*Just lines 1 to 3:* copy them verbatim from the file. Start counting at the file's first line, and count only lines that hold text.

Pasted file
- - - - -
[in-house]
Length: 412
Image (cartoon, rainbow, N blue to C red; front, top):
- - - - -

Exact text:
[in-house]
Length: 412
Image (cartoon, rainbow, N blue to C red; front, top):